E.P.C. pays $20,000

The Electric Power Corporation (E.P.C.) has paid $20,000 to the family of an eight-year-old boy who was allegedly electrocuted from a faulty electrical wire last month.

This was confirmed by E.P.C. Chief Executive Officer Tologata Tile Tuimaleali’ifano.

The incident occurred at Tuaefu, where the young boy was found by his cousin unconscious near an electric pole damaged by Tropical Cyclone Gita. 

Tologata said negotiations are in progress for a settlement.  

“We anticipate paying additional funds, but I cannot say how much because I am not aware," he said. 

“The E.P.C. Board is meeting next week Friday and then it will determine from there how much additional funds will be paid in this settlement. 

“The $20,000 was paid to assist the family with funeral purposes."

Last month, Tologata expressed condolences to the family of the young boy. 

Tologata has also confirmed that they have launched an investigation in connection to the death.

In a brief interview with the Samoa Observer, the C.E.O. said there was a similar case that occurred about 10 years ago and E.P.C. paid $12,000. 

“We are assessing and we’ll pay what is fair and just for the mourning family." 

“We will not deviate from our responsibility and so a proper assessment is underway to compensate the family accordingly."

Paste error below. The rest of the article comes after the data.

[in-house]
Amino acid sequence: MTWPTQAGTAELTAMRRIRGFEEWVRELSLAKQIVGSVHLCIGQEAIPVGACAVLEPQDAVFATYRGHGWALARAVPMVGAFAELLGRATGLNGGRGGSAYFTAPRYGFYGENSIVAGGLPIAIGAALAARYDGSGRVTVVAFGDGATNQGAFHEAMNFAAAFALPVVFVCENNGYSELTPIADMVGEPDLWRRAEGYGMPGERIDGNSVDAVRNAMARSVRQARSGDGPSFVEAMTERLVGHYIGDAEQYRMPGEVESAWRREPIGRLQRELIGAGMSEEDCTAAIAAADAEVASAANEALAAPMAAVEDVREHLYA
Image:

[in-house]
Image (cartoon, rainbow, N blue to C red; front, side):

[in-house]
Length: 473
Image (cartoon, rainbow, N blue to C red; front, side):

“We hope to settle this case and the decision to release $20,000 were approved by our Board last month,” he said. 

Asked on what action taken by E.P.C. to assure this type of incident do not recur, costing tax payers’ money, Tologata responded: “Linemen have been back out in the field to conduct inspections to see if there are any live wires lying around."

“Also they have been out and about to see whether there are any wires hanging from the electricity poles that need readjusting. We are working on it,” he said. 

In an earlier report, Tologata issued a stern warning for members of the public who have low electricity lines to be cautious. 

“We will conduct a follow up soon, however we also depend on the families to report any wiring faults they come across.” 

According to Tologata, they have proposed to the Attorney General’s Office to consider drafting a Bill that bans planting of trees next to electricity poles.   

“This law is mainly for the safety of the public because there are cases where families cut down a tree and it falls on a line."

“Members of the public need to know that there is a huge impact of trees falling on electricity poles, in some cases there is a possibility that this one tree will eliminate the power for the whole district."  

“Yet families don’t really consider the impact until something goes wrong,” said Tologata. 

Police Superintendent Auapa’au Logoitino Filipo confirmed the Police have officially closed its files on this matter. 

“This case is now before for an inquest hearing… and that is all I can say on the matter.” 

Asked whether there was a post mortem requested for this matter, Auapa’au declined to comment.

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